Notes & Links: August 29, 2013

Curated Social Media Resources About Disability
Webicina has curated an excellent collection of disability focused blogs, podcasts, slideshows, mobil application and community sites. Another fine resource from this site. Spead the word.

The Most Effective Obamacare Delay is Defunding
Chris Jacobs writing in The Health Care Blog reiterates the current scream from the right; defund Obamacare. He makes the argument that real conservatives don’t want to shut down government to destroy Obamacare. It reads like this:

We should not buy into the false assumption that efforts to defund Obamacare equate to a shutdown of the federal government. Heritage and others have pushed for Congress to fully fund regular government operations and separate Obamacare from annual appropriations. But conservatives of either party in Congress have no leverage on any of these critical issues unless the President believes that he will have to assume the responsibility of a government shutdown.

It is an interesting argument but more to my posting this are the comments. Comments alone are worth the price of reading this standard conservative blah blah about making sure only the few have healthcare. The comments are rich with pro and con and a smattering of wing-nuts.

EveryMove Launches the EveryMove 100 Health Insurance Index
Russell Benaroya writing on The Health Care Blog introduces a newly minted list of health insurance companies focused on engaging consumers to help them take control of their health as a partner. The index evaluates the following categories:

Social media presence and interactions (breadth and depth of engagement)
Mobile investments (mobile web and app ecosystem)
Website statistics (popularity ranking, refreshed content)
Customer support access (availability/ease of access)
Current consumer satisfaction (what are current members saying)

Beyond the fact this is a great index and it helps consumers find new measures to use when selecting health insurance Benaroya speaks to the strategic need of insurers to engage patients better through new media, mobile, and just plain customer service. The index can be found here.

Using Twitter to Examine Smoking Behavior and Perceptions of Emerging Tobacco Products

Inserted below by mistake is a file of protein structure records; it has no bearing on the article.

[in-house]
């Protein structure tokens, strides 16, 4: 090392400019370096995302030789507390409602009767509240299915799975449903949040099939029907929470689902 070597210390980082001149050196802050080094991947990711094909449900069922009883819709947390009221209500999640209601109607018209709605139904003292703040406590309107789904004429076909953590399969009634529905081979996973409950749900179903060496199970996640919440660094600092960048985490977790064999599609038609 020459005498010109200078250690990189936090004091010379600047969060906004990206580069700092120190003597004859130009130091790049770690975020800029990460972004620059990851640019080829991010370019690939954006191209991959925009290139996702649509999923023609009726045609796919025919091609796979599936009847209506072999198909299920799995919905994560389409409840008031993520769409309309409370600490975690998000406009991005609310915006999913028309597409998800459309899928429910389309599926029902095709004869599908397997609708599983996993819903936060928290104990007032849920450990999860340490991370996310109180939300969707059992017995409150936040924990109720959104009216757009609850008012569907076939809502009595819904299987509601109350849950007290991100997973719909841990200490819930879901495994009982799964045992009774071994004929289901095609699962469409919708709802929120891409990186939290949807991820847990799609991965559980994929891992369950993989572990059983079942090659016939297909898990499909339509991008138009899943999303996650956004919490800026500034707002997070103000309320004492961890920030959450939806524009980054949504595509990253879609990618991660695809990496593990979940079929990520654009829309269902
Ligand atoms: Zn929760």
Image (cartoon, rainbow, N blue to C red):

Myslin, Zhu, et. al. publishing in JMIR offer what is the future of using Twitter to perform effective and highly relevant “infoveillance”. We all know what Twitter is and how it works. Many of us know that Twitter is being used by the CDC regarding influenza informedness as a health status surveillance methodology. We also know Twitter has uncovered poor public informedness and misuse of antibiotic. But this for this study Twitter is used to:

  • perform content analysis of tobacco-related tweets
  • improve signal to noise ration in Twitter by automatically filtering out irrelevant content 
  • demonstrate the utility of Twitter in addressing new public health challenges re: tobacco 


The authors with their very complete and carefully designed study have been able to identify opportunities for tobacco education.

The next most common genre, marketing, is followed relatively distantly by information and news, and most tweets in these categories are not posted by recognized health or news organizations. In sum, reliable information is far less accessible on Twitter than are opinions, marketing posts, and information from unverified sources, indicating potential for greater public education in tobacco prevention policies.

Think about the above and how Twitter is void of EBM references to tobacco use and it’s outcome. 

In this regard, Twitter surveillance may reveal insights not available through surveys, where participants do not spontaneously relate experiences to an audience of friends and followers and are instead more likely to express more carefully crafted opinions. Indeed, surveys may thus underestimate the prevalence of positive sentiment toward tobacco.

And Twitter allows us see deep inside the person, their motivations, reactions, and driving forces. Very important if we are to engage people in their healthcare beyond tobacco. Let’s say we do this same analysis on hypertension and behavior. 

The authors are quick to identify the fact they only used 1% of Twitter feed and their annotated dataset was small as was their number of smoking keywords. But all in all this is a fantastic look at the potential of Twitter to uncover and point out direction for education and engagement. 

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